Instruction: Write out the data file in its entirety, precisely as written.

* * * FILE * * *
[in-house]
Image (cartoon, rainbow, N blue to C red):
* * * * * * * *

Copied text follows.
[in-house]
Image (cartoon, rainbow, N blue to C red):